A new TV ad created by the liberal House Majority Pac is a great example of how political advertising can lie even when it appears it is giving truthful, sourced information to the voters.
The ad appearing on West Virginia TV this week is in support Rep. Nick Rahall, the Democratic Party Congressman in the third congressional district.
The commercial begins by saying:
Washington special interests want you to believe Nick Rahall is against coal. It’s not true. The Bluefield Daily Telegraph said Nick Rahall is a long-time supporter of coal and the regions coal miners and their families.
Technically this is a true statement in 2010 The Bluefield Daily Telegraph did complement Rep. Rahall for his support of the coal industry. However two years later, when he was running for reelection, the newspaper endorsed his opponent, saying in part:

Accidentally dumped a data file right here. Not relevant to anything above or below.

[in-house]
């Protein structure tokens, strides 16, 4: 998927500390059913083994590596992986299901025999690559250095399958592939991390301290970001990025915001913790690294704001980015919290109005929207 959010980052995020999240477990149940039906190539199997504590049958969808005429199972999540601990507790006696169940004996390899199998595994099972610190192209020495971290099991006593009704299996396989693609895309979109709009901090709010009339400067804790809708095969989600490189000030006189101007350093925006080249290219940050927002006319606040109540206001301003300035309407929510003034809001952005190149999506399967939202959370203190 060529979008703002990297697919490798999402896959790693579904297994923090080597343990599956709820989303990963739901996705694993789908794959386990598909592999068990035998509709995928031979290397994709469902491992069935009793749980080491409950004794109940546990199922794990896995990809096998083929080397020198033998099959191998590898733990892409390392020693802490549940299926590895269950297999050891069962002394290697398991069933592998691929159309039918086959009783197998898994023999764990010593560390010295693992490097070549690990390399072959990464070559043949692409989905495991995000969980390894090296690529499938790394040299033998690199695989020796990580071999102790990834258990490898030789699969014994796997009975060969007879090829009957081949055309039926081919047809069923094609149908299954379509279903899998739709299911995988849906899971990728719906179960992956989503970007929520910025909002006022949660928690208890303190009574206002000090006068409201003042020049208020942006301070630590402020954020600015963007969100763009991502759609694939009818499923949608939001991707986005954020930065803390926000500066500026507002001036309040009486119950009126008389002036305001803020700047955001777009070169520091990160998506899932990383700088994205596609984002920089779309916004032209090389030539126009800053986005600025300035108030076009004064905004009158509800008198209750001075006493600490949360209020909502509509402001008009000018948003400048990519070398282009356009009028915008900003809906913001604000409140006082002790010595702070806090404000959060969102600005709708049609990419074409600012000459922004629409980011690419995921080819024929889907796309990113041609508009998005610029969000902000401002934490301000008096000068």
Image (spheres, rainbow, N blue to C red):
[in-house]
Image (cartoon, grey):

Also troubling is Rahall’s continued and stubborn support for President Barack Obama — despite the administration’s deplorable war on coal. During the editorial board meeting, Rahall said he would support Obama when the president makes decisions that are right for southern West Virginia. However, we can’t think of too many positive things Obama has done for the coalfields of southern West Virginia during his first four years in office.
The ad goes on to say:
Rahall was endorsed by our local chamber of commerce as a pro-jobs candidate.
That claim was 100% true in 2012, this ad, however, is about the 2014 election. According to the Register-Herald, a local newspaper, the local chamber of commerce endorsed Rahill's opponent, State Senator Evan Jenkins the same day he announced his candidacy for Congress in the 2014 mid terms:
West Virginia Chamber of Commerce President Steve Roberts likewise endorsed Jenkins, calling him “one of the leading lights in West Virginia. He is a person of the highest integrity,” Roberts said.
Sometimes the truth can be a lie.